vibrant with the demand for easier divorce it is curious that there has
arisen no Sarah Grand of the dining-room to protest against this diurnal
evil. Suppose that at a dance you were told off to one perpetual partner,
who would ever don pumps? Is it not obvious that at a dinner you should
have the same privilege as at a dance--the privilege of choosing your
partner for each course? It could be done during the drawing-room wait. I
give an example of an ordinary menu, marked after the fashion of a
gentleman's dance programme, from which it will the seen at a glance how
much more delightful a dinner would become if you could change your
partner as often as your plate.

    MENU, JUNE 15th, 1894.

       Plats.               Engagements.
    1. Hors d'oeuvres . . . . S. S.
    2. Soup . . . . . . . . . A. P. S.
    3. Poisson . . . . . . .  Pinky.
    4. Poisson . . . . . . .  L. R.
    5. Entrée . . . . . . . . Blue Bow.
    6. Entrée . . . . . . . . Red Hair.
    7. Joint . . . . . . . .  W.
    8. Sweet . . . . . . . .  Minnie.
    9. Sweet . . . . . . . .  Minnie.
    10. Cheese . . . . . . .  Long Arms.
    11. Dessert . . . . . . . I. V.

    (Interval before ladies rise.)

    Extra Entrée . . . . . .  Agnes.
    Extra Joint . . . . . . . Eyeglasses.
    Extra Sweet . . . . . . . Minnie.

You perceive at once that you would always put your idol _pro tem_, down
for the sweets, which would become as fertile a source of flirtation as
"love" in tennis. Of course the same tact and discretion would be needed
in filling your menu as in filling your programme. Some ladies who are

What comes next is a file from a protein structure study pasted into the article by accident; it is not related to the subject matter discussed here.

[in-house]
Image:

excellent at the entrée may be inadvisable for the joint, which they may
sit out, expecting to monopolise your attention to the detriment of your
meal. Others who are dull at the soup may be agreeably vivacious towards
the later items. A new series of formulae would be added to the language:

"May I have the pleasure of seeing your menu?"

"Will you give me one sweet?"

"Can you spare me the joint?"

"I am so sorry: I have just given it away."

"See me eat the poisson, as Grossmith says."

"Will you put me down for a fish?"

"This is our entrée, I think."

"May I have my dessert, Minnie?"

"Are you engaged for the cheese?"

"Yes; but you can have the second entrée."

"Don't forget to keep the soup for me!"

"If you don't mind sitting it out!"

"Are you open for the extra joint?"

"Thank you: I am full up."

For hostesses who shrink from such a revolution, a beginning might be
made by an automatic change of seats by the gentlemen, say one to the
right as in the _chassé-croisé_ of the Caledonians. Failing this, the